US news media headlines appear daily on the so-called “opioid crisis”. A major thread in public policy discussions is an asserted need to “solve” the crisis by limiting production of opioid analgesics and reducing medical exposure to potentially addicting drugs. But are such steps actually a remedy? Will US addiction and overdose problems respond favorably to such a one-size-fits-all policy? Almost certainly not.
A recent analysis has been performed on data downloaded from the US Centers for Disease Control and Prevention and the US Agency for Healthcare Research Quality (1). The data characterize medical opioid prescribing, opioid overdose-related deaths from legal and illegal drugs and hospital emergency room admissions from 1999 to 2016 for 50 US States and District of Columbia. Figure 1 is constructed from the most recent CDC data.
Two insights emerge:
- There were major variations but no trends in opioid OD death rates and opioid prescription rates from State to State in 2016.
- Opioid OD death rates had no apparent relationship to opioid prescription rates from State to State. Any effect of medical prescribing on OD deaths was literally “lost in the noise” of other factors.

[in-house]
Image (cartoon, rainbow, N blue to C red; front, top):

Examination of individual US States reinforces these insights. Table 1 compares CDC and AHRQ data on opioid prescribing and overdose-related deaths for five US States and the District of Columbia. California, New York, and Florida have high populations. Massachusetts and Oklahoma are less populous. Oklahoma has the second highest opioid prescription rate, while the District of Columbia has the lowest prescription rate in the US.
Overall risk of opioid-overdose-related death in the US was about 0.015% per year, with State rates between 0.01% and 0.025% in 2016. District of Columbia, with a population of ~575,000, had the lowest rate of opioid prescribing, but consistently higher opioid-OD related death rates than New York (population ~19 Million) or California (~33.5 Million).
As prescribing rates for medical opioids fell in 2010-2016, opioid OD-related death rates continued to climb. However, the shape of growth curves is quite different for DC, Massachusetts, Florida and New York (each with sharp upward trends in death rates for 2015 and 2016) versus Oklahoma and California (which remained relatively stable).
California OD-related death rates edged upward by 18% from 2006 to 2016, while death rates doubled in New York. In both States, rates of emergency room visits rose by about 270%. However, opioid prescription rates in California dropped by 13% while rates in New York were unchanged. (2)
These State to State outcomes suggest that the US is dealing with not one National opioid crisis but many local crises. In 2016, medical prescribing contributed almost nothing to these crises.
(1) Richard A. Lawhern, Ph.D., “US Opioid Prescribing vs. Overdose Deaths and Hospital ER Visits -- Implications for Public Policy,” Alliance for the Treatment of Intractable Pain, April 2018. Original data download and initial graphical analysis performed by John Alan Tucker, Ph.D., used with permission. http://www.atipusa.org
(2) Emergency room visit data downloaded from Agency for Healthcare Research Quality (AHRQ) HCUP database, current December 2017; latest year available for the selected States was 2015.